How to collaborate with your manufacturer to develop a high-quality pet food product that’s truly the whole package.
While pet food shopping in a brick-and-mortar store is an individual experience, there are trends that may be unique to your business and your customers. When a pet parent comes into your store, are they expecting to buy food for Fluffy or Fido, or do they need to be drawn in by a glitzy endcap or high-tech display? Once they are scanning the pet food aisle, are they reading what’s on the labels or simply looking for sale price stickers? What’s the ideal bag size for a grab-and-go customer?
When your house-brand product is up against household names made familiar through TV commercials and print ads, its physical appearance becomes vital to its success. To persuade your retail customers to convert from their favorite puppy food to your new offering may require creativity in the packaging department – but there are some technical issues you’ll need your manufacturing partner to help with first.
Packaging may seem like a downstream decision when it comes to developing your pet food, but it’s actually something your contract manufacturer should be thinking about as early as the formulation phase. The shape and size of the formula (i.e., round, square, triangle) is an important consideration for your desired bag size as these factors help determine the density of the product. Density is what one cubic foot of product weighs. When the product comes out of the extruder and is exposed to oxygen, it often expands. Think of it as a dessert that comes out of the oven as a fluffy angel food cake instead of a fudgy torte. That’s why thorough manufacturers like American Nutrition conduct a trial production run. If a product is blown through the extruder too quickly, you risk a kibble that is undercooked – which could potentially cause digestive problems for your pet. Rather than automatically opting to crank out 15 tons an hour versus 10, a reliable manufacturer will confirm product quality by examining cook percentage and percent of gelatinization during a trial run. This will ensure that you are achieving a high-quality product that promotes palatability and digestibility while optimizing density and speed of production. The result is a bag that does not appear too full or too empty, and a product that’s both delicious and safe for your ultimate customer.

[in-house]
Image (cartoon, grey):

Once the density of the product has been determined, your manufacturing partner will know how much product should go into each bag depending on its size. Often your manufacturer will provide recommendations on bag size based on the brands you are trying to emulate. For instance, it may be beneficial to place your similarly proportioned but lower-priced 3-lb. bag of kibble next to a competitor’s more expensive 5-pounder. An experienced supplier will have the market insights required to talk through these scenarios and come up with the best packaging dimensions for your offering.
Packaging Materials and Design
When a product is still earning favor with its target customers, first impressions can mean a lot. Most pet parents do not have resealable closure at the top of their priority list, nor do they consciously opt for plastic matte over polywoven bags, but they do have certain expectations based on current market offerings. Working with you, a thorough supplier will examine competing products to help you determine the best bag materials and closures to fit the tastes of your target market and your budget. From there, a full-service supplier like American Nutrition can assist in the graphic design of your package. No matter their involvement, experienced manufacturers will be able to advise on how to stay compliant. From required language to faulty claims, it is important to consider your packaging in the context of the most recent guidelines and regulations.
The value proposition of a private-label program is to offer products whose quality is comparable or superior to that of a national brand, at a lower cost. Retailers are no strangers to P&L statements and product launches, but having an experienced and flexible pet food manufacturer can provide the technical assurance that your final product aligns with your overarching vision. From the size and shape of your kibble to the claims on your packaging, your pet food manufacturer’s expertise matters. Choose a partner who offers the reliability, stability and experience needed to generate a product that can deliver on your brand promise.
–Steve Mills, SVP of customer brands and co-manufacturing, American Nutrition